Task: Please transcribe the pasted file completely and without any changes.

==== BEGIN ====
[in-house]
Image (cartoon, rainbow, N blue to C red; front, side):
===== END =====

[in-house]
Image (cartoon, rainbow, N blue to C red; front, side):